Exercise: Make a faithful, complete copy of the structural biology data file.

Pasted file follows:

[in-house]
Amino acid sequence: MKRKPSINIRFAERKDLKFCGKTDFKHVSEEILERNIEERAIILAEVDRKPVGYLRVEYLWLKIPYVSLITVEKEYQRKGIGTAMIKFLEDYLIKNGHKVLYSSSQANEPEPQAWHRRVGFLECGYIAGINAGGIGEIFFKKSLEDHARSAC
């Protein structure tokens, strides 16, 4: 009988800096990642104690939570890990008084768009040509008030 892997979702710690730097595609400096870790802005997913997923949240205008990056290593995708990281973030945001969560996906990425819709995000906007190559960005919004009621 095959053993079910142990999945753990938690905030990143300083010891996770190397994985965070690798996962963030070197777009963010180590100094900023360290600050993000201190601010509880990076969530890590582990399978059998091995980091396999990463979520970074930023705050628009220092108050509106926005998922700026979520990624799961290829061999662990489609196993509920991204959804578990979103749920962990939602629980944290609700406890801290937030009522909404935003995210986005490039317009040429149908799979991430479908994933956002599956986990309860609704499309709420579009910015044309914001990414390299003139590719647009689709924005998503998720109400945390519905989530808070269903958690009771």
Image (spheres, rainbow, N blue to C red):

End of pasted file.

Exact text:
[in-house]
Amino acid sequence: MKRKPSINIRFAERKDLKFCGKTDFKHVSEEILERNIEERAIILAEVDRKPVGYLRVEYLWLKIPYVSLITVEKEYQRKGIGTAMIKFLEDYLIKNGHKVLYSSSQANEPEPQAWHRRVGFLECGYIAGINAGGIGEIFFKKSLEDHARSAC
């Protein structure tokens, strides 16, 4: 009988800096990642104690939570890990008084768009040509008030 892997979702710690730097595609400096870790802005997913997923949240205008990056290593995708990281973030945001969560996906990425819709995000906007190559960005919004009621 095959053993079910142990999945753990938690905030990143300083010891996770190397994985965070690798996962963030070197777009963010180590100094900023360290600050993000201190601010509880990076969530890590582990399978059998091995980091396999990463979520970074930023705050628009220092108050509106926005998922700026979520990624799961290829061999662990489609196993509920991204959804578990979103749920962990939602629980944290609700406890801290937030009522909404935003995210986005490039317009040429149908799979991430479908994933956002599956986990309860609704499309709420579009910015044309914001990414390299003139590719647009689709924005998503998720109400945390519905989530808070269903958690009771």
Image (spheres, rainbow, N blue to C red):